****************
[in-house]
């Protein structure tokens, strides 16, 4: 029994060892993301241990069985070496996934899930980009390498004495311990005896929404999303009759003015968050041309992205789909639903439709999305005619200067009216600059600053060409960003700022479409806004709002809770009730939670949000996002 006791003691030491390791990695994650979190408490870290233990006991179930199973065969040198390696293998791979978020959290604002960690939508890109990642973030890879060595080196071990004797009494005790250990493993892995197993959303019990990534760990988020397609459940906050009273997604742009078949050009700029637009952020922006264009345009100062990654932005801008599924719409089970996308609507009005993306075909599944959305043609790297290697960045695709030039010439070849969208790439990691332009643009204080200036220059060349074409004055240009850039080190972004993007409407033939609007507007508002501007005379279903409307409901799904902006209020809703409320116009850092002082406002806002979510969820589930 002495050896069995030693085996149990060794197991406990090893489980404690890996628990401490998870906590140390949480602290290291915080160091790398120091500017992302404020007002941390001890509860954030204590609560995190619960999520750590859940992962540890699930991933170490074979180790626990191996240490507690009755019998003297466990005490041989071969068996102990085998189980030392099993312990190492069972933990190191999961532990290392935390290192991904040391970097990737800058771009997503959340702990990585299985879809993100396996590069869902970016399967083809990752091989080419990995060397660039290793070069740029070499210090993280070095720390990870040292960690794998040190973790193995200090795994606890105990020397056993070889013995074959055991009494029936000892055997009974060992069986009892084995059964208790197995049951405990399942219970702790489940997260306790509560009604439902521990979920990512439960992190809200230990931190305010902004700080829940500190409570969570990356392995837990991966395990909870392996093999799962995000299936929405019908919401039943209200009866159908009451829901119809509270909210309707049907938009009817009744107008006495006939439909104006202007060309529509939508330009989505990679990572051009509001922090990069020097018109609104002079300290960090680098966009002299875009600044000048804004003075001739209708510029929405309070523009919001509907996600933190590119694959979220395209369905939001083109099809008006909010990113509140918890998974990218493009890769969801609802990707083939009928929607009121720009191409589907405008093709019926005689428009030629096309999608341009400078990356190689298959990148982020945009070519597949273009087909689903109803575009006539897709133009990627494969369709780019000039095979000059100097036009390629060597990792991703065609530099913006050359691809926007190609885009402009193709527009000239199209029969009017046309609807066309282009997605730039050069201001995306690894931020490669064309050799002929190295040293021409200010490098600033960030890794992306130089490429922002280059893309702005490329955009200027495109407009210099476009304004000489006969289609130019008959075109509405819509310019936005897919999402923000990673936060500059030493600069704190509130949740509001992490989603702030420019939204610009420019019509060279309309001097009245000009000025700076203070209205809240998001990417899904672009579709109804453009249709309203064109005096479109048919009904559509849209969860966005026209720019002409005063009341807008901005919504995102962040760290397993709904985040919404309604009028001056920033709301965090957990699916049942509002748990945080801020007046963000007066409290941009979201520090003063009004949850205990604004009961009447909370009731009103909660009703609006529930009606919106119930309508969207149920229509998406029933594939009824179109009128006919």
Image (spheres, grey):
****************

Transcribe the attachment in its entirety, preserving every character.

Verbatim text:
[in-house]
């Protein structure tokens, strides 16, 4: 029994060892993301241990069985070496996934899930980009390498004495311990005896929404999303009759003015968050041309992205789909639903439709999305005619200067009216600059600053060409960003700022479409806004709002809770009730939670949000996002 006791003691030491390791990695994650979190408490870290233990006991179930199973065969040198390696293998791979978020959290604002960690939508890109990642973030890879060595080196071990004797009494005790250990493993892995197993959303019990990534760990988020397609459940906050009273997604742009078949050009700029637009952020922006264009345009100062990654932005801008599924719409089970996308609507009005993306075909599944959305043609790297290697960045695709030039010439070849969208790439990691332009643009204080200036220059060349074409004055240009850039080190972004993007409407033939609007507007508002501007005379279903409307409901799904902006209020809703409320116009850092002082406002806002979510969820589930 002495050896069995030693085996149990060794197991406990090893489980404690890996628990401490998870906590140390949480602290290291915080160091790398120091500017992302404020007002941390001890509860954030204590609560995190619960999520750590859940992962540890699930991933170490074979180790626990191996240490507690009755019998003297466990005490041989071969068996102990085998189980030392099993312990190492069972933990190191999961532990290392935390290192991904040391970097990737800058771009997503959340702990990585299985879809993100396996590069869902970016399967083809990752091989080419990995060397660039290793070069740029070499210090993280070095720390990870040292960690794998040190973790193995200090795994606890105990020397056993070889013995074959055991009494029936000892055997009974060992069986009892084995059964208790197995049951405990399942219970702790489940997260306790509560009604439902521990979920990512439960992190809200230990931190305010902004700080829940500190409570969570990356392995837990991966395990909870392996093999799962995000299936929405019908919401039943209200009866159908009451829901119809509270909210309707049907938009009817009744107008006495006939439909104006202007060309529509939508330009989505990679990572051009509001922090990069020097018109609104002079300290960090680098966009002299875009600044000048804004003075001739209708510029929405309070523009919001509907996600933190590119694959979220395209369905939001083109099809008006909010990113509140918890998974990218493009890769969801609802990707083939009928929607009121720009191409589907405008093709019926005689428009030629096309999608341009400078990356190689298959990148982020945009070519597949273009087909689903109803575009006539897709133009990627494969369709780019000039095979000059100097036009390629060597990792991703065609530099913006050359691809926007190609885009402009193709527009000239199209029969009017046309609807066309282009997605730039050069201001995306690894931020490669064309050799002929190295040293021409200010490098600033960030890794992306130089490429922002280059893309702005490329955009200027495109407009210099476009304004000489006969289609130019008959075109509405819509310019936005897919999402923000990673936060500059030493600069704190509130949740509001992490989603702030420019939204610009420019019509060279309309001097009245000009000025700076203070209205809240998001990417899904672009579709109804453009249709309203064109005096479109048919009904559509849209969860966005026209720019002409005063009341807008901005919504995102962040760290397993709904985040919404309604009028001056920033709301965090957990699916049942509002748990945080801020007046963000007066409290941009979201520090003063009004949850205990604004009961009447909370009731009103909660009703609006529930009606919106119930309508969207149920229509998406029933594939009824179109009128006919």
Image (spheres, grey):